Dish soap can also prove helpful in the fight against staining. Simply follow the same steps you did for the bar soap, except here, use a small amount and lather it up. Then rinse until the water runs clear.

6. Agitation

Our last bit of advice on how to get detergent stains out of clothes is to check the level of agitation in the washing machine. Washing heavy bedding on a delicate cycle is bound to lead to unsatisfactory results because the water will not move around as much as it should.

Consult your washing machine manufacturer’s website and the garment label to determine the correct setting for your machine and fabric.

Also, be sure to use the correct water level for the load you add. It is better to stick to a slightly smaller load than overloading the machine.

Related Posts:

Other Tips and Tricks on How to Remove Detergent Stains

Now that you know your options and how simple they are, you are probably all set for the future. However, even when the steps are so simple, they still increase the time it takes to complete your laundry.

In this case, prevention is better than cure. With the following tips, you can avoid the issue in the first place and streamline your laundry process.

Use the Correct Amount of Detergent

As a preventative measure, it doesn’t get much better than this. While some people may believe that using a little more detergent is safer than less, it could potentially be just as problematic.

Using too much powder or liquid means it won’t dissolve as effectively as it should. It also makes it more difficult for the water to rinse out the soap.

Check the instructions for both your machine and detergent. Use just enough for the load you are currently busy with and don’t go overboard in dosing the machine.

Watch the Size of the Load

It may be tempting to throw just one more towel or item into the machine—especially when you don’t have enough to make up another full load. The problem is that stuffing too much into the machine makes it impossible for the rinse water to get into every area it needs to.

Check the manufacturer’s recommendations for load limits and the optimal setting on your machine for each type.

Get Things Moving

We’re saying this twice because it is that important. The water must be able to agitate the fabric properly. The whole reason that a washing machine works is that the movement of the drum stirs up the water.

This ebb and flow have a similar effect to beating the washing on a rock or rubbing away dirt during hand washing.

Be More Careful With Powdered Detergent

If your home has hard water, it’s better to use a liquid product. It is far more effective and less likely to leave a noticeable residue.

Failing that, you can dissolve your laundry powder in a bit of water. Then allow the machine to fill with water before stirring it in and adding your clothes.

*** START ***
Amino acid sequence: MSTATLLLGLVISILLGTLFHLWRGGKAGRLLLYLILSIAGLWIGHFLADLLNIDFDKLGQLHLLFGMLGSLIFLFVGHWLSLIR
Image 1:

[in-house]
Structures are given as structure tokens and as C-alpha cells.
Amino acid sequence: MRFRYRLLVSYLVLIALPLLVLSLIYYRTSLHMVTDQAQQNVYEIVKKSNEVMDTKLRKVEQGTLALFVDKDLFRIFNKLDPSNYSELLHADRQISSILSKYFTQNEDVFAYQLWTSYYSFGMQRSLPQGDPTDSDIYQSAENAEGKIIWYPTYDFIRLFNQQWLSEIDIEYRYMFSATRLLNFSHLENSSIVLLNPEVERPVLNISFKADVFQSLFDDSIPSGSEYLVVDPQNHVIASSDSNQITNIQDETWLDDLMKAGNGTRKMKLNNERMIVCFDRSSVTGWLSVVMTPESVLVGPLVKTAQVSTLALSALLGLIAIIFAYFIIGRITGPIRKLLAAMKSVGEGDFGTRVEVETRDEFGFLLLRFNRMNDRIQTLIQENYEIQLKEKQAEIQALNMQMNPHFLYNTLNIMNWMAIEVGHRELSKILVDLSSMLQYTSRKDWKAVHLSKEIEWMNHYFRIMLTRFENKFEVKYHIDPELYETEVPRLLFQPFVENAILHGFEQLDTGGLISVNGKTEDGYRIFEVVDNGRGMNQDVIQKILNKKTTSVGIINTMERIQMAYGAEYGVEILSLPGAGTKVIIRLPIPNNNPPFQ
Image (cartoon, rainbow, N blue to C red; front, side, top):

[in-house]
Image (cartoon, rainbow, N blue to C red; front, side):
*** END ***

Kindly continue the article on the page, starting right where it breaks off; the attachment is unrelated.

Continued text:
Can Hand Soap Leave Spots?

Hand soap has an entirely different formulation from laundry detergent because it has to be gentle on the skin. Therefore, it has fewer grease-fighting or harsh chemicals. As a result, it’s less likely to stain.

However, you should also consider that hand soap may include dyes, essential oils, or fragrances. These compounds might impact material differently from how they affect the skin.

It is better to use undyed, non-fragranced hand soap with as natural a formulation as possible to stay on the safe side.

If you are concerned about staining and are desperate, you can use liquid hand soap. Stick to a colorless version to decrease the chances of dyes affecting your garments.

However, it’s best to stick to a custom-designed product when laundering your clothing.

Get a Professional to Remove Detergent Residue

What happens if you wash a fabric like cashmere, wool, or silk at home out of desperation, and it leaves behind a stain or residue? You could try soaking the garment again to remove the blemish.

However, it’s better to leave this kind of issue to the professionals. If you have expensive, dry-clean-only clothing, please bring them to Judi’s Cleaners in Sacramento or your local dry cleaners.

Our team is highly skilled and has ample experience removing marks from delicate items. By entrusting us with your garments, you extend their lifespan and keep them looking fresh for longer.

Thanks to our affordable rates and 100% satisfaction guarantee, there is no need to take a chance. Leave the expensive clothing to us, and we’ll take proper care of it.

Related: Why Dry Clean?

Contact Judi’s Cleaners Today

Are you still unsure of how to get detergent stains out of clothes? Are you worried that you’ll damage a delicate garment? If so, you can rely on Judi’s Cleaners in Sacramento to choose the optimal method and stain remover for the fabric.

Contact us today to arrange your first pickup, and we’ll deliver your clean clothes back to you within two business days.

Free Pickup & Delivery